AS we bid farewell to 2018, here are my top 10 political questions for next year:
1. Will there be an open fight between Tun Dr Mahathir Mohamad and Datuk Seri Anwar Ibrahim?
Or is it just in the imagination of political machai (lackeys) linked to the two most powerful men in the country?
Will Anwar succeed Dr Mahathir? Will there be a repeat of 1998 when Dr Mahathir sacked Anwar as Deputy Prime Minister and Umno deputy president? Dr Mahathir has gone on record that Anwar will replace him. But he added a qualifier – if the rakyat agree. That’s an ominous “if”.
2. Will Parti Pribumi Bersatu Malaysia become Umno 3.0?
Will Bersatu take in more Umno MPs? Will it be a reverse takeover – a small party of 13 MPs taking over a big party with 54 MPs?
If Bersatu becomes Umno 3.0, will DAP, with 42 MPs, leave PH to protect its integrity?
Will Umno implode? Will it be split into three – those remaining with the party, those embracing Anwar, and those joining Bersatu?
3. Will the PKR civil war persist?
After the divisive party election, Team Anwar and Team Azmin (Datuk Seri Azmin Ali) continue to snipe at each other. There are mini-revolts by Team Azmin, questioning the party president’s pick for state chairman. If the party is not careful, a “Thanos” could wipe out half of the PKR universe.
4. Will the PH government still use its favourite scapegoat to defend itself for failing to deliver on its election promises?
As Tun Daim Zainuddin, the chairman of the Council of Eminent Persons, said: “(The people) do not want to hear about debt anymore, it is an old story. Although it still has to be rectified, it is a management issue. The rakyat is only concerned about their cost of living being reduced and their income going up. This is the government’s responsibility.”
5. Will Sarawak polls be held next year?
Sarawak Chief Minister Datuk Patinggi Abang Johari Tun Openg has until 2021 to call for a state election. But some political pundits say it is now or never.
The Gabungan Parti Sarawak government can’t wait until Dr Mahathir and Anwar focus on the biggest state in Malaysia. The state government will be facing the might of the Federal Government.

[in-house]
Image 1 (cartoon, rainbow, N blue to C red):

6. Where will the nine assemblymen and five MPs who quit Sabah Umno go?
Will it be Bersatu? Parti Warisan Sabah? Gabungan Bersatu Sabah? PKR?
If it is Bersatu, the national party will be clashing with a local party, Warisan. Before GE14, both parties had a gentlemen’s agreement that Bersatu would not set up branches in Sabah.
7. Will there be more by-elections?
This year, PH won all the by-elections that it won in GE14 – the state seat of Sungai Kandis, Balakong and Seri Setia, and the parliamentary seat of Port Dickson. Next year, will BN win back seats – Cameron Highlands parliamentary seat and Rantau state seat – that it won by default?
If there are more by-elections, it would be a good barometer of support for PH among Malay voters – especially if it happens in Kelantan, Terengganu or Kedah. So far, the by-elections have been held on the West Coast of Peninsular Malaysia, where PH is strong in mixed seats and urban seats.
8. Will there be a Cabinet reshuffle?
Or rather not when but who will be dropped in the first Cabinet reshuffle. Education Minister Dr Maszlee Malik? Rural and Regional Development Minister Datuk Seri Rina Mohd Harun? Minister in the Prime Minister’s Department P. Waythamoorthy? Tourism, Arts and Culture Minister Datuk Mohamaddin Ketapi? Who will be a new minister? Anwar as Deputy Prime Minister? Or Datuk Seri Mustapha Mohamad?
9. What will be the next Icerd for Umno and PAS?
The two Opposition parties pressured, pressured and pressured PH until it had to U-turn on its promise to ratify the International Convention on the Elimination of All Forms of Racial Discrimination (Icerd). When it comes to issues concerning Muslims and Malays, it looks like Umno and PAS have an edge.
10. How is PAS going to remain relevant with its extremist/conservative/traditionalist approach?
According to political analyst Dr Abdul Latiff Mohd Ibrahim, “PAS leaders exploit racist and extremist sentiments to keep their support base. April will show if they had received the RM90mil from Umno. If proven, then it is a blow to the so-called ‘morality’ they have been championing.”
Dr Abdul Latiff predicts the government will use corruption charges against Umno leaders to pressure conservative racists.
But probably for most of the rakyat, the fundamental question they’ll be asking in 2019 is about roti canai and dhal issues. Will their life be better after voting in PH? Will the price of eggs go down? Will the ringgit go up?
Happy New Year!